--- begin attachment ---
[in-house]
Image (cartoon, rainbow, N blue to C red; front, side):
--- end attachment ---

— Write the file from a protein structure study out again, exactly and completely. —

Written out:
[in-house]
Image (cartoon, rainbow, N blue to C red; front, side):